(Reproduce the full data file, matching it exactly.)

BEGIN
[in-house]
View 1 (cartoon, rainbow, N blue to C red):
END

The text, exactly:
[in-house]
View 1 (cartoon, rainbow, N blue to C red):